It Takes One: J. Patrick Manhart
It Takes One: J. Patrick Manhart
In my early childhood, I lived in a variety of places from Nebraska and Louisiana to Kansas in the Dust Bowl era. At the time my visits to my grandfather’s farm in Iowa and another grandfather’s house located in the center of a small town in Colorado were the highlights of my life. The gardens at each made me yearn for a place where I could have my own garden. On my father’s return from contracts in the Middle East we settled down in a place that had a yard where I could garden.
I pursued a degree in botany in college, where my professor was an ecologist who was also a devoted painter. I assisted in helping her develop a landscape design course for the department. On graduating I was more interested in design than in botany. I pursued a master’s degree in landscape architecture, which included architecture and urban planning. After graduation I worked for a period as a city planner. This was followed by my own practice as a landscape architect where I worked for several decades on an Italian Renaissance garden. The garden had deteriorated since being given to the City as a museum. My work involved research into the original design intent and an assessment of its condition. Ultimately, my close association with work at museums later led me to exhibition design. As time passed, and I traveled, I developed a keen interest in the history of gardens and the factors that shaped them.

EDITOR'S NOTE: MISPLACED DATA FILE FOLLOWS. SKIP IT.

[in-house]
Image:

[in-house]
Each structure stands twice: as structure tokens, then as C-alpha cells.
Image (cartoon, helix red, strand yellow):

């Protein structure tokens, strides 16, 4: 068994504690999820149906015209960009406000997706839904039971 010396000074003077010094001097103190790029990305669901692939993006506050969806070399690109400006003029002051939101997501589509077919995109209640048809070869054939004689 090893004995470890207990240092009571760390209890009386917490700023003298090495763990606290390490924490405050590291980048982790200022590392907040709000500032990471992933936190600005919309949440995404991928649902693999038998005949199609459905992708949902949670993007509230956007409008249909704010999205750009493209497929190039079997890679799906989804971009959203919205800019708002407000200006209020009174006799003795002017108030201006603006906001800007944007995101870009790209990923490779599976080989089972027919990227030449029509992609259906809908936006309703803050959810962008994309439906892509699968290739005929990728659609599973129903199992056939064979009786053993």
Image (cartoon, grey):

How would you define a cultural landscape?
The cultural landscape is the interaction between a unique environmental site and those that occupy it. Cultural differences and similarities are reflected in the way that each group adapts to their environment, both physically and spiritually. Likewise, the actions of each group impact the environment they are in. This is perhaps the most interesting aspect of studying cultural landscapes for me.
Why are you interested in/why did you get involved with the landscape at the Couse-Sharp Historic Site?